Campaigners handed a draft law on the issue to Parliament last July, but have yet to receive a response from Prime Minister Najib Mikati. For Abou-Habib, the executive director of CRTD-A, a regional gender-research nongovernmental organization based in Beirut, while legal change is eventually vital, a widespread change in attitudes is more important at this stage.

This is finally beginning to happen now, she believes, thanks to simultaneous efforts from various women’s rights movements, including those speaking out against domestic violence and sexual harassment and nationality campaigners.

“I think women’s organizations have been able to make these issues public issues, but at the same time make them individual issues,” she says.

Women are realizing that “it’s not just bad luck if you happen to be married to a foreigner, and it’s not just bad luck if you are beaten by your husband,” but “that actually it’s a violation of rights.”

Nadine Moawad, a member of Nasawiya, the Lebanese feminist collective, agrees. “Everyone knows it’s an issue. They understand the suffering of people who live here and can’t put their children in public school.”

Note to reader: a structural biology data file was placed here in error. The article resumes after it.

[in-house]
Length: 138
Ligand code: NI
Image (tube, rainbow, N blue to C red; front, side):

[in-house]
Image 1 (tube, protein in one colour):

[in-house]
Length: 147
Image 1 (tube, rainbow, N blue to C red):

“There’s a lot of anger and resentment, which is good. I think what we’re seeing here is more important than legal change. This is exactly the definition of active citizenship,” Abou-Habib says.

Now that there has been this gradual change in thinking, on the part of the general public, it is now time for that mentality shift to reach Parliament, Abou-Habib says.

After a protest in late December, 2012 will see the campaigners continue with such civil mobilization, but also begin to lobby every bloc in Parliament, in an effort to garner support for the draft law.

But Abou-Habib believes the time for semantics is over. “I think we’re now beyond explanations, we’re at the level of challenging and making sure it’s on the agenda.”

The process of arranging meetings with parliamentarians can be extremely time consuming, as Abou-Habib says, “It can take you five months to get an appointment with a politician.” However, as she stresses, meeting with campaigners “is not a favor: it his duty. He needs to listen.”

It is vital to meet with every group within Parliament, she says, as “at the end of the day, everybody is failing in being a true democratic decision maker. Everyone is equally failing women. And all their political differences don’t matter. When it comes to the denial of rights, they all converge.”

Leader of the opposition Saad Hariri in January tweeted that he was in full support of the nationality campaign, saying “I am all for women giving the #Lebanese nationality to their children and husbands, I think it’s shameful that we don’t.”

However, Abou-Habib is skeptical saying nationality campaign is usually the last item on the agenda of politicians.